Another fact is that the registration process under FARA  is often altogether ignored or treated as an afterthought, with many registrants filing retroactive registrations, or only supplying partial submissions.

An internal DoJ audit of the NSD’s enforcement and administration of FARA, conducted in 2016, found that only 23 percent of filings from 2013 to 2015 were filed on time—62 percent were submitted late.[6] Likewise, only 44 percent submitted their supplemental statements in a timely fashion, and 10 percent did not submit any follow-up supplemental materials.

“The Congress didn’t necessarily want to have a strong enforcement mechanism, ” said Kenneth Doyle, the Senior Editor for Bloomberg’s Money & Politics Report. ” There are principal reasons in terms of the First Amendment and not wanting to be too tough on people’s ability to petition the government, and then there are practical reasons of not wanting to be too tough on lobbyists who are important to the way that Washington works. I think they did it deliberately, saying, ‘Well, we’ll have a disclosure system, but it’s not going to have a strong enforcement mechanism and we’ll see what happens.”










Too Bad Sen. Merkley. Ossoff Bungled It.


Why is this man smiling?

It was hard not to laugh.

I got an email from Senator Jeff Merkley (D-OR) today breathlessly proclaiming:

“Wow. In Georgia’s 6th District, Jon Ossoff scored a stunning primary election victory last night with 48% of the vote.”

Since Ossoff’s clear objective in yesterday’s special election was to secure at least 50 percent of the vote among 18 candidates so he could win the race outright and not have to face a single Republican in June, I’d hardly say, “Wow, what a victory.”

A much more honest statement from Merkley would have been, “Oh crap! Democrats spent $17.3 million to push this guy Ossoff across the 50 percent line and he blew it.”

Democrats across the country opened their wallets in support of Ossoff. All together Democrats donated $8.3 million to Ossoff’s campaign in the first quarter of 2017. On top of that, Center for Public Integrity’s Rachel Wilson has reported that super PACs, nonprofits and other groups independent of any candidate’s campaign spent $9 million on the Georgia 6th race.

Now Ossoff, a 30-year-old documentary filmmaker and former congressional staffer, will have to run in a 2-way race against just one Republican candidate, Karen Handel, in June, when he’ll lose. As Politico said put it, “The likelihood is if there’s a runoff, Republicans will coalesce around one candidate and take Ossoff down in June.”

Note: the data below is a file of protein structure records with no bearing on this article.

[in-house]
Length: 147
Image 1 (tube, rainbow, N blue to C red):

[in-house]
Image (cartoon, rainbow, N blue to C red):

But Merkley won’t be crying in his beer, because he hopes to raise some money for himself from this confrontation.

“Chip in right now and let’s show Trump that we’re not buying his spin—we’re in it to win it!,” Merkley blasted out in his email, urging folks to send $500 or more.

But he doesn’t want your money to go to “John Ossof for Congress”. No. That would be wrong. Instead, your contribution will go to “Jeff Merkley for Oregon.”

Yep. That’s the ticket.




Hillary’s money grab (with help from a few Oregonians)


Bill Clinton must have thought we all forgot his history when he began his 2016 Democratic Convention speech with the cringeworthy, “In the spring of 1971, I met a girl.” Oh my God, where’s he going, millions of viewers probably wondered.

But Bill didn’t continue about his sexual exploits. Instead, he went on to call his wife, a “change-maker”. Given the amount of money she’s raising for her presidential campaign, she’d be better named a “money-maker”.

This despite her proclamation, “Our democracy should work for everyone, not just the wealthy and well-connected.”

“There’s no question that we need to make Washington work much better than it does today,” Hillary said on June 22, 2016. “And that means, in particular, getting unaccountable money out of our politics. … That’s why I’m so passionate about this issue, and I will fight hard to end the stranglehold that the wealthy and special interests have on so much of our government.”

But Hillary Clinton and her supporters have been dogged in their pursuit of campaign money.

Clinton clearly likes the big givers the most and cultivates them assiduously. At an event at the Sag Harbor, N.Y. estate of hedge fund magnate Adam Sender a family photo with Clinton went for $10,000, according to attendees. For a $2,700 donation donors’ children under 16 could ask Clinton a question.

 More than 1,100 elite moneymen and women, called Hillblazers, have together raised better than $113 million for Clinton, operating as bundlers who collect checks from friends or associates, according to an analysis by the Center for Public Integrity.

Hillblazers are individuals who have contributed and/or raised $100,000 or more for Hillary for America, the Hillary Victory Fund, and/or the Hillary Action Fund since the launch of Clinton’s campaign on April 12, 2015.

Among the list of high-profile Clinton bundlers, which includes actor Ben Affleck, filmmaker George Lucas, Facebook Chief Operating Officer Sheryl Sandberg and fashion designer Vera Wang, are a few (very few) people who list themselves as Oregonians:

  • Timothy Boyle, president and CEO of Columbia Sportswear, and his wife, Mary Boyle.
  • Peter Bragdon, Executive Vice President, Chief Administrative Officer, General Counsel and Secretary, Columbia Sportswear
  • Carol Butler, Principal, Carol Butler and Associates, Democratic campaign consultant
  • Dwight Holton, former U.S. Attorney for Oregon/ defeated by Ellen Rosenblum in 2012 Democratic primary for Oregon Attorney General, and his wife, Mary Ellen Glynn, chief of staff to Anne Holton, wife of Democratic vice-presidential nominee Tim Kaine.
  • Jane Paulson, a Portland personal injury lawyer at the law firm of Paulson Coletti.

The money has flowed into Hillary Clinton’s campaign organization, Democratic Party committees and so-called independent outside groups.